Biography: Caroline M. Apovian, MD, FACP, FTOS, DABOM

Caroline M. Apovian, MD, FACP, FTOS, DABOM
  • Professor of Medicine
  • Boston University School of Medicine
  • Director, Center for Nutrition and Weight Management
  • Boston Medical Center
  • Boston, MA

Caroline M. Apovian, MD, FACP, FTOS, DABOM is Co-Director of the new Center for Weight Management and Wellness (CWMW) in the Section of Endocrinology, Diabetes, and Hypertension at Brigham and Women’s Hospital and a member of the faculty at Harvard Medical School. Dr. Apovian is a nationally and internationally recognized authority on nutrition and has been in the field of obesity and nutrition since 1990.

Her current research interests are weight change and its effects on adipose tissue metabolism and inflammation, obesity and cardiovascular disease, resolution of type 2 diabetes and cardiovascular disease in the bariatric surgery population, disparities in the treatment of obesity in underserved populations, and novel pharmacotherapeutic agents for the treatment of obesity. She is also an expert in sampling subcutaneous adipose tissue and muscle tissue in humans and has been studying the relationship between adipose tissue inflammation and obesity for over 15 years.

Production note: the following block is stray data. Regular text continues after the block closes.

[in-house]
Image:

Dr. Apovian has published over ten books and over 200 peer-reviewed original research and review articles on obesity and nutrition. Dr. Apovian was a member of the expert panel for updating the 2013 AHA/ACC/TOS Clinical Guidelines for the Management of Overweight and Obesity in Adults, published in the Circulation and Obesity journals and was the Chair of the Endocrine Society Guidelines for Medical Treatment of Obesity published in the Journal of Endocrinology and Metabolism in 2015. She is a former Nutrition Consultant for the National Aeronautics and Space Administration (NASA). Dr. Apovian has given over 150 invited lectures nationally and internationally and served as President of The Obesity Society in 2017-2018. She is also currently the Co-Director for the NIH-funded Boston Nutrition and Obesity Research Center.

BACK